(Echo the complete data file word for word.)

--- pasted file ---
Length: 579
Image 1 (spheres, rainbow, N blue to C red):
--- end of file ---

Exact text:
Length: 579
Image 1 (spheres, rainbow, N blue to C red):